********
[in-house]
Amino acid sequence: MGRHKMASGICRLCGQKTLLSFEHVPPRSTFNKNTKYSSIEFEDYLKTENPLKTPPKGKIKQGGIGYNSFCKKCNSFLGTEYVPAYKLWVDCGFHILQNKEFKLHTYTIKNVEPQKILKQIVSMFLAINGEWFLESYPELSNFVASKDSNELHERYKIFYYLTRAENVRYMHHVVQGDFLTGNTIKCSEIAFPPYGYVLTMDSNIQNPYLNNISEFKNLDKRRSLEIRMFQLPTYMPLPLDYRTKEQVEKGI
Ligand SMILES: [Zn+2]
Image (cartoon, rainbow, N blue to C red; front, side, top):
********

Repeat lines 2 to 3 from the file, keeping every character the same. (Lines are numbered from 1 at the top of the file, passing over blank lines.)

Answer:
Amino acid sequence: MGRHKMASGICRLCGQKTLLSFEHVPPRSTFNKNTKYSSIEFEDYLKTENPLKTPPKGKIKQGGIGYNSFCKKCNSFLGTEYVPAYKLWVDCGFHILQNKEFKLHTYTIKNVEPQKILKQIVSMFLAINGEWFLESYPELSNFVASKDSNELHERYKIFYYLTRAENVRYMHHVVQGDFLTGNTIKCSEIAFPPYGYVLTMDSNIQNPYLNNISEFKNLDKRRSLEIRMFQLPTYMPLPLDYRTKEQVEKGI
Ligand SMILES: [Zn+2]